32
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PROPERTY OF A PRIVATE COLLECTOR, SÃO PAULO

José Gallegos y Arnosa
ALL SOULS' DAY IN ROME 
Estimate
50,00070,000
LOT SOLD. 50,000 USD
JUMP TO LOT
32

PROPERTY OF A PRIVATE COLLECTOR, SÃO PAULO

José Gallegos y Arnosa
ALL SOULS' DAY IN ROME 
Estimate
50,00070,000
LOT SOLD. 50,000 USD
JUMP TO LOT

Details & Cataloguing

European Art

|
New York

José Gallegos y Arnosa
1859 - 1917
ALL SOULS' DAY IN ROME 
signed JGallegos (lower right)
oil on canvas
20 1/4 by 33 5/8 in.
51.4 by 85.4 cm
Read Condition Report Read Condition Report

Provenance

Acquired by the present owner in 2014 

Exhibited

Dublin, Irish International Exhibition, 1907, no. 354 (lent by the artist)

Literature

Irish International Exhibition, Dublin, 1907: Fine Art Section, British and Foreign Artists, Dublin, 1907, p. 39

Catalogue Note

The paintings of José Gallegos y Arnosa are distinguished by their nuanced attention to color and texture, emphasizing the tactility of the subject rather than their emotional sway or narrative. This can be seen in the present work, All Souls’ Day in Rome, where the focus of his brush is on the beautifully patterned textiles of the flower sellers’ and their brilliantly colored chrysanthemums, which overwhelm the composition. Flowering in late October, chrysanthemums became an integral and deeply symbolic part of the ritual and remembrance of family and friends on November 2nd, All Souls' Day.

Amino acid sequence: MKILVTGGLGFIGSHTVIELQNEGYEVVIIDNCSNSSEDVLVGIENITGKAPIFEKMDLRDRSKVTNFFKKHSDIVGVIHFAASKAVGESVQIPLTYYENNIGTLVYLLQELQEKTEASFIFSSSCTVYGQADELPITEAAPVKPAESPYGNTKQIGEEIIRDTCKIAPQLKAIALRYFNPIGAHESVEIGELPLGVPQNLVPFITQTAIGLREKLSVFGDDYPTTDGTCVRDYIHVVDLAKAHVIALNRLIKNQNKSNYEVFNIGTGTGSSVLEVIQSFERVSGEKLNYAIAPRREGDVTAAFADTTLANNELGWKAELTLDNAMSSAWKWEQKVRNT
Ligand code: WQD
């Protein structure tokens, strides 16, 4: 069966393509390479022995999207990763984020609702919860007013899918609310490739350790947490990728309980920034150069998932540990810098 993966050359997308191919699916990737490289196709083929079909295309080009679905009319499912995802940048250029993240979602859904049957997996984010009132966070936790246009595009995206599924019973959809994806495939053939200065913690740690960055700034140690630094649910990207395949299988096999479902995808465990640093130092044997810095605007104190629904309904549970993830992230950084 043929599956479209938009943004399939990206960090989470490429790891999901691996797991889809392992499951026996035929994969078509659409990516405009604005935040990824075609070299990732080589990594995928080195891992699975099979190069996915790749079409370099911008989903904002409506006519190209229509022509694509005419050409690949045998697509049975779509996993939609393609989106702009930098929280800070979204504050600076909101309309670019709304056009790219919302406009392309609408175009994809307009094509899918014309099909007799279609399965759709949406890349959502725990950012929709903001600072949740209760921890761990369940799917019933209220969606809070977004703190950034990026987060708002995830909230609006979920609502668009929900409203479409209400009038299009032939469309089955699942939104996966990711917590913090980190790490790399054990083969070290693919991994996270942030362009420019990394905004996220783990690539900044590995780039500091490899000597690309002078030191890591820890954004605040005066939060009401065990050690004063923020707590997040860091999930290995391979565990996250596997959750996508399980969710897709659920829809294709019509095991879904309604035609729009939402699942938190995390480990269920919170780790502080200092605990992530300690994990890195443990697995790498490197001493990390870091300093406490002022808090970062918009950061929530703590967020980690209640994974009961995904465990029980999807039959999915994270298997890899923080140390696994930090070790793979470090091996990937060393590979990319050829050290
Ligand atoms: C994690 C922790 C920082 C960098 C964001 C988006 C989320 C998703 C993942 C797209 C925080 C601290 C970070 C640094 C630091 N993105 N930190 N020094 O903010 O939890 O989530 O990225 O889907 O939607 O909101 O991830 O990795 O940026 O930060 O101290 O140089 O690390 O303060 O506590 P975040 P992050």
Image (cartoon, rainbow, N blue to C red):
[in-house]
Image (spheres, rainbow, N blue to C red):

Originally from Jerez de la Frontera in the Andalusian region of Cadiz, Gallegos pursued his art education in Madrid in 1873, and travelled to North Africa soon after, attracted by the light and interesting subjects, as seen in one of his best known canvases, Arab Wedding (1878, Prado, Madrid). By 1880 he made his home in Rome, where he found great commercial success alongside other Spanish-born artists, including Juan Pablo Salinas, José Benlliure y Gil and Salvador Sánchez Barbudo. The artist's international fame was secured in part through participation in the great World’s Fairs of his era.  All Souls’ Day in Rome was submitted to the 1907 Irish International Exhibition where nearly three million visitors walked through its fifty-two acres of automobile, electric and gas lighting displays, enjoyed funfair amusements, and viewed the wide ranging submissions to its fine art pavilions. Since its record in the exhibition’s guidebook, the present work has been untraced for over a century emerging only recently to afford a renewed appreciation of Gallegos’ oeuvre.

European Art

|
New York